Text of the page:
Philippine Foreign Secretary Enrique Manalo yesterday called on China to take steps to reduce tensions over clashing claims in the South China Sea, at a time of growing tensions over the Philippine-held Second Thomas Shoal.
During an address to a forum on the maritime region co-organized by the Konrad-Adenauer-Stiftung Philippines and the Foreign Service Institute of the Philippines, Manalo said that the South China Sea claimant states, which also include Taiwan, Vietnam, Brunei, and Malaysia, “must let peace and dialogue prevail,” according to a report by BenarNews.
In particular, Manolo said, the maritime disputes between China and the Philippines, which have flared in recent weeks, demanded “the highest commitment to peace.”
His address focused on the South China Sea as a shared “maritime heartland” that has long been crucial to the peoples of the region, and will continue to be the “key to food and energy security in the region.”
“We must allow the luminous histories of these waters as connectors of our communities to prevail,” he said, as per BenarNews, “even in the face of disputes and serious incidents in the South China Sea, and over the prisms of competition with which the current situation is commonly seen.”
Manolo’s address comes at a time of renewed friction with China in disputed waters. Early this month, the Philippines accused China’s coast guard of blocking and shooting a water cannon at a Philippine navy-chartered supply boat in the vicinity of Second Thomas Shoal. The Chinese intervention was just the latest measure designed to prevent the resupply of the Philippine marines stationed aboard the BRP Sierra Madre, a decrepit World War II-era ship that was intentionally grounded in the shoal’s shallow waters in 1999, in response to China’s occupation of nearby Mischief Reef in 1994.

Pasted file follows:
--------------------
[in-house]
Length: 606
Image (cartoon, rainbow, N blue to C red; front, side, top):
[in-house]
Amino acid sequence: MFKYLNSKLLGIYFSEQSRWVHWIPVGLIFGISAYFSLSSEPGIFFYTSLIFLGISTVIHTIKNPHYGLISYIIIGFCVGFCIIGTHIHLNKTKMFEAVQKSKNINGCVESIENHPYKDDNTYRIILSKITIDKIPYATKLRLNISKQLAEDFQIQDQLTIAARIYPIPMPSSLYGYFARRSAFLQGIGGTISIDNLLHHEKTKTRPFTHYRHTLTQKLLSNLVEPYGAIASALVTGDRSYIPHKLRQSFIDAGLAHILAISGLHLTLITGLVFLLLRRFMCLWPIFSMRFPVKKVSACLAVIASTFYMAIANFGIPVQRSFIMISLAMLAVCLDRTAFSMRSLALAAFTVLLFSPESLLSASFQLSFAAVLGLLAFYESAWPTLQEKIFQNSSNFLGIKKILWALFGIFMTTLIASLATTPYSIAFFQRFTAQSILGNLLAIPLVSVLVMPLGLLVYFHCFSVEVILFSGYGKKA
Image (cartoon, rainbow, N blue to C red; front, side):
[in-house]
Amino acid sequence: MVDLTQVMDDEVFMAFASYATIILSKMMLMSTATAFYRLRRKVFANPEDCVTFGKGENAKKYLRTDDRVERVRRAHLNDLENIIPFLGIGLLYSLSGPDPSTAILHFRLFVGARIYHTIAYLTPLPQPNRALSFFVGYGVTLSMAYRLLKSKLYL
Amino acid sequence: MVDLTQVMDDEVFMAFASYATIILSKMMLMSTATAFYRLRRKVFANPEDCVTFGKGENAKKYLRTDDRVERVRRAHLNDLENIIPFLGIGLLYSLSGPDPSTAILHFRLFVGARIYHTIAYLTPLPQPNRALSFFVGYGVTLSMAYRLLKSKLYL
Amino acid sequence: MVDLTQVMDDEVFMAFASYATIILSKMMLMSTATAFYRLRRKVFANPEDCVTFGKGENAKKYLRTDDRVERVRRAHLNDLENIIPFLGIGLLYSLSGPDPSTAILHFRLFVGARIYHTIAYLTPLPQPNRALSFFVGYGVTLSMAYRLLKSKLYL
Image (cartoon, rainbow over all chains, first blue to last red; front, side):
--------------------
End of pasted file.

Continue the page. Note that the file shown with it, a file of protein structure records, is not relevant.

The Chinese actions prompted strongly worded protests from both the Philippine Coast Guard (PCG) and the Armed Forces of the Philippines (AFP), and the summoning of Chinese ambassador Huang Xilian by the Foreign Ministry. It also elicited strong condemnations from partners and allies of the Philippines, including the United States.
For its own part, the Chinese government has called on Manila to remove the Sierra Madre from Second Thomas Shoal, which is known to Manila as Ayungin Shoal and to Beijing as Ren’ai Jiao. During a press conference in Quezon City on August 14, Zhou Zhiyong, deputy chief of mission of the Chinese Embassy in Manila, said that the Philippines had breached an earlier understanding that it not transport construction materials to the Sierra Madre. Zhou said that the agreement was reached at the end of 2021 following “several rounds of discussions in order to manage the disputes.”
Philippine officials have remained defiant, pledging to carry out another resupply mission within two weeks. The AFP also said last week that it was considering following the example of Vietnam and China and deploying its own maritime militia to defend its sovereignty in what it terms the West Philippine Sea.
The incident highlighted the dilemma facing the Philippines at Second Thomas Shoal, which has been the subject of what amounts to an informal Chinese blockade. In February, the PCG accused a Chinese coast guard ship of hitting a Philippine coast guard vessel with a military-grade laser in a successful attempt to prevent it from approaching the shoal.
China’s campaign has put the Philippines in a tricky position. The government is currently taking an approach of publicizing Chinese transgressions in the hope of mobilizing international support for its position, and there are certainly more legal avenues that it could pursue. But any more muscular attempt to resupply the ship, perhaps with support from the United States or other partners, runs the risk of prompting an escalation, and as Euan Graham of the Australia Strategic Policy Institute wrote on August 14, of “subjecting the Philippines to the risk that China will seize the opportunity, as it did at Scarborough Shoal in 2012, of militarizing its blockade.”
Complicating the situation further is the fact that the Sierra Madre is in an advanced state of decay. This week, a U.S. analyst told Australia’s ABC News that it was only a matter of time before the vessel “succumbs to the elements.” The fragility of the structure also poses a challenge to resupplying the ship’s inhabitants by helicopter.
If and when the ship disintegrates, it remains unclear what the Philippines could do to maintain its foothold on the shoal. With the Sierra Madre unlikely to last forever, Graham wrote, “China’s increasingly heavy-handed tactics are asking a fundamental question. In this context, Manila needs to swallow hard and accept some calculated risks.”